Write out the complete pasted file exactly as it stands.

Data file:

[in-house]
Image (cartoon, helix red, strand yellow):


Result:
[in-house]
Image (cartoon, helix red, strand yellow):